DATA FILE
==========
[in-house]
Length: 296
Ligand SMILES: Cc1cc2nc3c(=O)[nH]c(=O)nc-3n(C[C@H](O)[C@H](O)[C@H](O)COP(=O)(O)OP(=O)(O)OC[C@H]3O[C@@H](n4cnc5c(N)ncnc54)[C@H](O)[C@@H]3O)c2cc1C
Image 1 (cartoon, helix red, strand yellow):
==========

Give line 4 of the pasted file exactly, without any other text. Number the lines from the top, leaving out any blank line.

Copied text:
Image 1 (cartoon, helix red, strand yellow):